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Old 03-03-2014, 05:08 PM   #1
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Spraypainting?

Ok, mostly due to cost and time I'm considering spray painting my 93yj, at the moment it has the original coat of paint (a teal ish color) and the previous owners failed attempt at spray panting it black.

I'm pretty sure my dad has the stuff if I had the time to paint it correctly, but I am thinking that I might just sand it down and spray paint it.

Right now it has spots that have no paint because I ground off any rust bubbles, and it has blotchy black spots of spray paint.

What are the problems with spray painting a vehicle

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Old 03-03-2014, 10:12 PM   #2
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With any paint job the more time you put in to prep work the better the final job. I am fine with rattle cans, many guys are not. Rattle can paint will not last like actual auto paint, but it is cheap and can be done without special tools. Spend a couple bucks and get one of those plastic spray handle things. Saves a lot of hand cramping.

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Old 03-03-2014, 10:30 PM   #3
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Thanks for the advice
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Old 03-03-2014, 10:39 PM   #4
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Depending on where you live you might look for an automotive paint store. You can buy the correct paint, thinners and primers. And they will usually give you tips on how to do the best job. Then rent an airless spray gun or buy a Wagner from Lowes. It might not be the best but it will last longer than spray cans and you can color sand it to a pretty good finish. It is really all in how much labor your willing to put into it.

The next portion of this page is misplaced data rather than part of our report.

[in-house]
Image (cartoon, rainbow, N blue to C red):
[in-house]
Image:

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Old 03-03-2014, 10:57 PM   #5
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Good idea, I'll have to see if there is a paint place around so I can compare prices better.
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Old 03-05-2014, 09:15 AM   #6
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I did daughters jeep last year with rattle cans of enamel paint and love how it turned out. Thread here: White to Blue rattle can paint job

Best info I can give you is to prep WELL, over prep, and tape till you can't stand to tape off anything else, then tape off some more and make sure you have clean tape edges. I did have to do some "spot" painting with a brush and the enamel sprayed into a butter dish for the tiny edges that showed up in a few spots when I pulled the tape. It still is shiny and nice a year later, no fading, but I let the enamel bake on in the hot sun. Same deal we do with tractors.
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Old 03-05-2014, 09:28 AM   #7
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Ok, mostly due to cost and time I'm considering spray painting my 93yj, at the moment it has the original coat of paint (a teal ish color) and the previous owners failed attempt at spray panting it black. I'm pretty sure my dad has the stuff if I had the time to paint it correctly, but I am thinking that I might just sand it down and spray paint it. Right now it has spots that have no paint because I ground off any rust bubbles, and it has blotchy black spots of spray paint. What are the problems with spray painting a vehicle
It will look like some one painted it with a spray bomb, thats the problem
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Old 03-05-2014, 10:38 AM   #8